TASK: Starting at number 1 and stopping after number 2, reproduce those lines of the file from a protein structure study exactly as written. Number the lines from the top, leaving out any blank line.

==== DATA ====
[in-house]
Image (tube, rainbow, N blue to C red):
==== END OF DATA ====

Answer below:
[in-house]
Image (tube, rainbow, N blue to C red):